Even though the latest company insolvency figures are from September, it will be Halloween in a couple of weeks and one part of them reminds us of a popular horror movie trope.
The bit where a seemingly lifeless hand starts to twitch with faint movement before one or two of the fingers begin to recover feeling and move of their own accord.
There’s some movement within the figures that has been missing in previous months.
While nowhere near what the average figures for corporate insolvencies should be or have been at this stage of the year, it indicates that company insolvencies could finally begin their overdue and expected rise.
A total of 926 corporate insolvencies were recorded in September - a rise of 148 from last month although they’re still 39% down on the same period last year.
This number is made up of 742 Company Voluntary Liquidations (CVLs) (up from 586 last month); 44 Compulsory Liquidations (down from 66 last month); 109 administrations (down from 110 last month) and 31 Company Voluntary Administrations (CVAs) (up from 15 last month). There were no receiverships.
The biggest move percentage wise was from CVAs that were up more than 50% from the previous month and up 41% from September last year indicating that more companies are choosing this method to protect and restructure their businesses.
One thing to bear in mind however is that when dealing with a low number of cases even a small increase can lead to a distorted increase.
In other categories Company Insolvencies are down 39% from a year ago; compulsory liquidations are down 81%; administrations are down 31% and even though there were 156 more CVLs in September compared to August, they were still 32% down on the total from September 2019.
Another factor influencing the figures was the continuing temporary prohibitions on the use of statutory demands and certain winding-up petitions that began on April 27 were extended to 30th September under the terms of the Corporate Insolvency and Governance Act 2020.
They have subsequently been further extended to 31st December 2020 which will continue to depress the number of corporate insolvencies reported into next year.
The statistics also reported for the first time that two companies had successfully obtained an insolvency moratorium and another had a restructuring plan sanctioned by the court.
Both of these new procedures also came in with the new Corporate Insolvency Act.
The Insolvency Service said: “The low number of cases of each of these new legislative tools since the Act came into force is likely to be as a result of the range of Government support provided to companies including the range of temporary measures that have recently been extended.”
They are careful to avoid recording whether insolvencies are directly caused by the Covid-19 pandemic or subsequent public safety measures that have impacted business as they state it’s impossible to ascertain its direct effect on insolvency case numbers.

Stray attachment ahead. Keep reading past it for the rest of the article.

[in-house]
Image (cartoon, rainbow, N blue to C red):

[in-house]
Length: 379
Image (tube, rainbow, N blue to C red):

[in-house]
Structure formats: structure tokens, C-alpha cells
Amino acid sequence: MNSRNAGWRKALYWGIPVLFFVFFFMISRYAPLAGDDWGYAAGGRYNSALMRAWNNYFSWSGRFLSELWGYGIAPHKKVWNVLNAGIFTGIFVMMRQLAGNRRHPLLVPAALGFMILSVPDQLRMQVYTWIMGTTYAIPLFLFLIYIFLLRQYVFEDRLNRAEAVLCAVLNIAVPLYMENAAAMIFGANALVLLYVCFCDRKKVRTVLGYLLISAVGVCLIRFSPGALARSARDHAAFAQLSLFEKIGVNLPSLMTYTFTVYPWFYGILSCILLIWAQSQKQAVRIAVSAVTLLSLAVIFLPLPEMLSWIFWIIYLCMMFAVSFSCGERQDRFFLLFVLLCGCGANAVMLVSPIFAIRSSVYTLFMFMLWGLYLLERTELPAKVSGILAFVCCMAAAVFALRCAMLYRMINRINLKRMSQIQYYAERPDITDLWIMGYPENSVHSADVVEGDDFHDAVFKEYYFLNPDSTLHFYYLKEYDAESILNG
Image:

Chris Horner, Insolvency Director with Business Rescue Expert, said: “While overall corporate insolvency numbers are still down it’s interesting to see that CVA’s have doubled from their historically low base last month and CVLs have also increased.
“This is a recognition that despite the circumstances there’s some accessible and useful tools an insolvency practitioner can use to help rescue and restructure a business that can be viable under the right circumstances.
“2020 has been nothing like the right circumstances for a lot of otherwise good firms and through no fault of their own they’ve found themselves facing rising debts with either reduced or halted income.
“Government support has undoubtedly helped many of them keep their doors open but with an uncertain few months ahead, now is the time to start making alternative plans to survive before any more restrictive changes are announced and implemented within days.”
R3 President Colin Haig agrees. He said: “These results show that the toll the Covid-19 pandemic is taking on businesses and consumers may be starting to be felt in the official insolvency numbers.
“Despite the increases, today’s figures are still lower than pre-lockdown levels of insolvency and don’t fully reflect the health of businesses and the economy in the way they would normally.
“The situation remains worrying. The economy is still 9% below pre-pandemic levels, despite growth of 2.1% in August, which shows it has failed to fully recover from the significant contraction in April. We’ve also seen more big brands enter formal insolvency processes, or consider restructuring options, as the delay in returning to pre-pandemic conditions inevitably hampers trading.
“It’s likely that directors of businesses that would have remained profitable had COVID not happened and will see signs their businesses are struggling for the first time ever. We’d urge them to seek advice as soon as these signs appear. The earlier you seek advice, the greater the number of options you have to turn the situation around.”
The sooner you arrange your free initial virtual consultation, the sooner we can start working on a plan to secure your business and give it the best chance of recovery when conditions eventually become favourable again.